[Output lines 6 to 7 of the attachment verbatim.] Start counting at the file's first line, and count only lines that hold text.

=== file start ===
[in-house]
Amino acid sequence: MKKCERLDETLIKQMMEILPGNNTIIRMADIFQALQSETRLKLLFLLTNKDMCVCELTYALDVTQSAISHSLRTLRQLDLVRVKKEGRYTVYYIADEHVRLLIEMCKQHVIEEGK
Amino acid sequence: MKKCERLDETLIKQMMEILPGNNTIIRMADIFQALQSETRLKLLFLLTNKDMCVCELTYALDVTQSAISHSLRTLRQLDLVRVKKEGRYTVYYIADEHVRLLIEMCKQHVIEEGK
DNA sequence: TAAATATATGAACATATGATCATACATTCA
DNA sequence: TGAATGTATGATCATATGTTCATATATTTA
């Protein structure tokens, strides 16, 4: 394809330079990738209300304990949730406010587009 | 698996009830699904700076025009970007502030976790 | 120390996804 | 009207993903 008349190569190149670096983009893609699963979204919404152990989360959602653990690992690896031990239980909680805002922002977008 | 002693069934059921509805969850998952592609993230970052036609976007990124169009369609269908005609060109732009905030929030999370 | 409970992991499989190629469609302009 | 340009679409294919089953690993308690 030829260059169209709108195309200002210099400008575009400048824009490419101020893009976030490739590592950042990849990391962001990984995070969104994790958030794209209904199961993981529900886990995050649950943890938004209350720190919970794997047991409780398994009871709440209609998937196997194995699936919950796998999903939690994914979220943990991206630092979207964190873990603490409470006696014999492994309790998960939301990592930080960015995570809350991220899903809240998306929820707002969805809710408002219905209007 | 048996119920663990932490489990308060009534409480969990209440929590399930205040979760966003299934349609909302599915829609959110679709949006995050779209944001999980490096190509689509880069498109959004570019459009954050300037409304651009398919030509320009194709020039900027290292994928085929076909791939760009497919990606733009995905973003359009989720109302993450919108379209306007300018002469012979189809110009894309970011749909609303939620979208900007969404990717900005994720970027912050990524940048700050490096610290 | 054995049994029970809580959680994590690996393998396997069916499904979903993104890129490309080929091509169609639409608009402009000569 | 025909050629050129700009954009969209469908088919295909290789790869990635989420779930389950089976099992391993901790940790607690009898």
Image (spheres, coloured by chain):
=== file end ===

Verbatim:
């Protein structure tokens, strides 16, 4: 394809330079990738209300304990949730406010587009 | 698996009830699904700076025009970007502030976790 | 120390996804 | 009207993903 008349190569190149670096983009893609699963979204919404152990989360959602653990690992690896031990239980909680805002922002977008 | 002693069934059921509805969850998952592609993230970052036609976007990124169009369609269908005609060109732009905030929030999370 | 409970992991499989190629469609302009 | 340009679409294919089953690993308690 030829260059169209709108195309200002210099400008575009400048824009490419101020893009976030490739590592950042990849990391962001990984995070969104994790958030794209209904199961993981529900886990995050649950943890938004209350720190919970794997047991409780398994009871709440209609998937196997194995699936919950796998999903939690994914979220943990991206630092979207964190873990603490409470006696014999492994309790998960939301990592930080960015995570809350991220899903809240998306929820707002969805809710408002219905209007 | 048996119920663990932490489990308060009534409480969990209440929590399930205040979760966003299934349609909302599915829609959110679709949006995050779209944001999980490096190509689509880069498109959004570019459009954050300037409304651009398919030509320009194709020039900027290292994928085929076909791939760009497919990606733009995905973003359009989720109302993450919108379209306007300018002469012979189809110009894309970011749909609303939620979208900007969404990717900005994720970027912050990524940048700050490096610290 | 054995049994029970809580959680994590690996393998396997069916499904979903993104890129490309080929091509169609639409608009402009000569 | 025909050629050129700009954009969209469908088919295909290789790869990635989420779930389950089976099992391993901790940790607690009898």
Image (spheres, coloured by chain):